The odds of a Democratic-sponsored gun control legislation getting enacted by the Republican-controlled legislature in Pennsylvania were never good to begin with, but lawmakers took the extra step on Tuesday of stripping a bill of language that would have raised the age to purchase a modern sporting rifle from 18 to 21 and replacing it with Constitutional Carry language instead.
The GOP-led House Judiciary Committee made the swap over the objections of Democratic sponsor Rep. Peter Schweyer, who said he still wants to see the bill brought forward for a vote on the House floor.
“I don’t want to give them an opportunity to hide behind a committee vote. I want them to have to justify why they did this in public,” he said.
Judiciary Committee Chairperson Rob Kauffman, R-Franklin, declined to speak with reporters after the vote.
Democratic members of the committee vocally opposed the amendment, calling it an abdication of the Legislature’s responsibility.
“Instead of going in one direction to provide appropriate regulation of the collective right to buy arms, we are going to buy into the myth of the individual inviolate right to bear arms,” said Rep. Joseph Hohenstein, D-Philadelphia.
“If we don’t regulate this right to bear arms and we say instead there is an unfettered individual right we will effectively have gone 150 years back into the wild west,” Hohenstein said.
Sorry Joe, but you lost me at “collective right”. What Hohenstein wants, of course, is to tell young adults that not only can they not purchase the most common firearm for self-defense (a handgun), they’re no longer allowed to purchase the most commonly-sold rifle in the country as well.
If we want to have a national conversation about raising the age of adulthood to 21, fine (though I think that would only exacerbate the problem of extended adolescence). But when Democrats are calling for both lowering the voting age to 16 and raising the age to exercise your Second Amendment rights to 21, I honestly find it hard to take either argument seriously, especially when the anti-gun side makes it clear they don’t want to stop with barring those under the age of 21 from purchasing a semi-automatic rifle.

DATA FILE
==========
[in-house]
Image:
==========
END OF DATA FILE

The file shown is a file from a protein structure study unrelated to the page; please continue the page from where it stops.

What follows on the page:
“We’re talking about guns that kill lots of people all at once and we don’t need those in our society writ large and we certainly don’t need them in the hands of teenagers who lack impulse control,” he said. “We are failing to do our jobs and we are actually doing harm if we don’t pass this.”
A serious question for Hohenstein and other gun control advocates; if young adults are so lacking in impulse control, why isn’t he demanding a complete ban on under-21s possessing any firearm? How about everyone younger than 25? And why stop with firearms? Why haven’t we (or rather, they) called for raising the age to operate a smart phone or to post on social media to 21 as well? Imagine the damage that could be done to sex traffickers and their networks if we kept kids and young adults off of platforms like Facebook.
Of course there would be First Amendment concerns, but why should those bother Hohenstein any more than Second Amendment considerations factor into his calls for more gun control? If it protects just one child, isn’t it worth curtailing the rights of every young adult in the state of Pennsylvania?
As for the Republicans on the Judiciary Committee who substituted gun control language with the text of a stalled Constitutional Carry bill instead, while I appreciate the sentiment, the bill itself isn’t about to become law. Constitutional Carry has already been approved by the state legislature, and it’s been vetoed by Gov. Tom Wolf. They can pass the bill again (and very well might if Schweyer succeeds in bringing the bill to the floor), but as long as the governor has a “D” after his name, the Keystone State is going to keep a license to carry requirement in place.
Now that both parties have reminded us of their respective positions on the right to keep and bear arms, maybe the two sides can start to talk about ways to address violent crime that don’t involve criminalizing a constitutional right. I’ve been a huge proponent of programs like Project Ceasefire, and I’m pleased that Republicans and Democrats in my state of Virginia were finally able to agree on millions of dollars in the latest budget to fund grants for a proven program that can change lives for the better and can reduce homicide rates by more than 50% when successfully implemented. There’s no reason why Pennsylvania lawmakers couldn’t find the same accord, except for Democrats insisting that the only way to improve public safety is by restricting the Second Amendment rights of law-abiding citizens.